Coronavirus will keep spreading 'until it hits 60-70%' of population, warns expert
Infectious disease expert Dr Michael Osterholm also said that the situation in the US will worsen in the fall when the country has to face the flu and Covid-19
The novel coronavirus may not stop until it infects 60-70 percent of the world's population, warns an infectious disease expert.
According to Dr Michael Osterholm, director of the Center for Infectious Disease Research and Policy at the University of Minnesota, this scenario will most likely play out because we do not yet have a magic bullet to stop the new coronavirus.
The world will have to find ways to adapt and to live with a virus that is not going to disappear. "We are going to be living with it. And we are not having that discussion at all," Osterholm told USA TODAY.
Because of this, easing stay-at-home orders, without putting most Americans at risk, is difficult. More than half of US states have already begun reopening even as experts have sounded the alarm on its consequences.
Recently, Dr Anthony Fauci, a top infectious disease expert, testified remotely before the US Senate Health Committee, saying that states could see "needless suffering and death" if they ignore checkpoints in administration guidelines for reopening the country.
Osterholm fears that the situation in the US will worsen in the fall when the country has to face the flu and Covid-19. The resulting spike in the number of cases could overwhelm hospitals, he said. So far, the virus has infected as many as 1.36 million Americans and killed more than 82,000 people in the country, according to Johns Hopkins University.
Some Asian countries that have already beaten the virus are not safe too. They are susceptible to the second wave of infections, Osterholm cautioned. China and South Korea are already seeing new cases emerge after a drop.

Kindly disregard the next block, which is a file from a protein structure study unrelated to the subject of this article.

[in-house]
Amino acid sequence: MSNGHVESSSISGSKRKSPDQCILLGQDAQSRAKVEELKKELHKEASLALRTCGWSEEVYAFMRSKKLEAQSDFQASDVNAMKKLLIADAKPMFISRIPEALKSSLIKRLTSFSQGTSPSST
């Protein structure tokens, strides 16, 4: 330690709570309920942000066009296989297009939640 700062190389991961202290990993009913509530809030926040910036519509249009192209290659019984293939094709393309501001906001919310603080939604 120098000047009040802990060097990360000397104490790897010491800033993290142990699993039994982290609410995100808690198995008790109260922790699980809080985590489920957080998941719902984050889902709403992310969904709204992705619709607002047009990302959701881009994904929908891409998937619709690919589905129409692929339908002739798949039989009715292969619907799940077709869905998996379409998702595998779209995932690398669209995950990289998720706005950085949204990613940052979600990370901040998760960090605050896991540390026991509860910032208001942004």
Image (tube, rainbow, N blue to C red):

"This damn virus is going to keep going until it infects everybody it possibly can. It surely won’t slow down until it hits 60 to 70%" of the population," Osterholm said.
"It is the big peak that is going to do us in. As much pain, suffering, death, and economic disruption we have had, there has been 5 to 20% of the people infected, ... That is a long way to get to 60 to 70%," he added.
All hopes on vaccines
Vaccines can help countries gain an edge over the virus and slow it down. The Trump administration is aiming to have a vaccine ready by the end of the year. Many experts are hopeful about having one in 18 months.
"My best-case scenario is that we will see four or five of the vaccines run through very effective, well-designed trials in the course of the coming months," US National Institutes of Health Director Francis Collins, told Business Insider. He added that by fall, we might have at least one or more of those that have been granted emergency use authorization by the US Food and Drug Administration (FDA).
However, there is one problem. Even if a safe and effective vaccine is developed, experts are unsure if they can provide long-lasting immunity against the new coronavirus.
Thinking about the uncertainties around vaccine development and the ambitious timeline, Collins added: "The hair stands up on the back of my neck."